On this day in 2007, Beatles fans feared the misuse of the Fab Four’s music had hit rock bottom following the decision to license “All You Need Is Love” for use in a nappy advert. Procter & Gamble had purchased the rights to use the song from Sony/ATV Music Publishing, which now owned Northern Songs, the Beatles’ catalogue. The ad featured a baby jumping on a teddy bear in a disposable nappy, which offered ‘ultimate leak protection’.
So many classic songs have been associated with products we have no interest in or have been used to sell everything from cold drinks, washing detergent, holidays, beds, cars you name it, it’s a song put to it.
TV ads are generally considered the most effective mass-market advertising format, and this is reflected by the high prices TV networks charge for airtime. The annual Super Bowl American football game is known as much for who will appear in the commercial breaks as for the game itself. If you have a product to sell, the average cost of a single 30-second TV spot (seen by 90 million viewers) is only $3 million. Bargain!
When advertising laws were relaxed in the 1980s advertisers began to look at using famous songs for their adverts. Burger King used the Aretha Franklin song “Freeway of Love” to promote their restaurants. Guinness went for Louis Armstrong’s classic “We Have All the Time in the World” resulting in the song charting 25 years after it was first released.
Many songs used during this time were actually used without the permission of the original artists, such an example being Nike, who famously used “Revolution” by the Beatles without their permission.
We all remember the Coca-Cola advertisement from the early '70s which was re-recorded as the pop single "I'd Like to Teach the World to Sing" by the New Seekers, and became a massive hit. (The inspiration behind the ad - people from different nations coming together - came from industry executive Bill Backer whilst waiting for his flight in a busy airport departure lounge).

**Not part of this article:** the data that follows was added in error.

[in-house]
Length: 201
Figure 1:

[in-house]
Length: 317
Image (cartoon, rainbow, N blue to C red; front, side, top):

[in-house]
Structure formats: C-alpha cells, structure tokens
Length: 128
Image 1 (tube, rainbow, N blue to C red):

In recent years we’ve had some great, long-forgotten tunes appear on ads (which must be a nice surprise for some now retired songwriters): The Bellamy Brothers' “Let Your Love Flow”, (Barclaycard), The Clash's “Should I Stay Or Should I Go” (jeans), Free’s “Alright Now” (chewing gum). Some are just plainly mismatched - Iggy Pop's "Lust for Life", a song about heroin addiction, has been used to advertise Royal Caribbean International, a cruise ship line.
Who could forget Nick Kamen? In 1985 the slim, brooding model walked into a launderette, removed his pants (don’t try this), and instantly became one of the world’s biggest sex symbols - and sent the sale of Levi 501s flying through the roof. Not only that, the choice of Marvin Gaye’s “I Heard It Through the Grapevine” gave the classic song a return to the charts.
Microsoft's famously paid a vast amount of cash to the Glimmer Twins for the use of "Start Me Up" by the Stones. And Apple have employed the services of some of the more credible artists to promote their iPhones, iPads, iMacs, and iAnythingelse - U2, Feist, Gorillaz, Jet, N.E.R.D, Daft Punk, The Black Eyed Peas, The Ting Tings, and Coldplay to name but a few.
Luckily, some ad agencies are stopped in their tracks.
In 2004 Johnny Cash's family blocked an attempt by advertisers to use his hit song “Ring of Fire” to promote haemorrhoid-relief products. The idea was said to have been backed by Merle Kilgore, who co-wrote the song with Cash's wife, June Carter Cash. Cash's daughter Rosanne said the family "would never allow the song to be demeaned like that."